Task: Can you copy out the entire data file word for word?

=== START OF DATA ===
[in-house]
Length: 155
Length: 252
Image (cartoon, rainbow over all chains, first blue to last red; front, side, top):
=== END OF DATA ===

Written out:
[in-house]
Length: 155
Length: 252
Image (cartoon, rainbow over all chains, first blue to last red; front, side, top):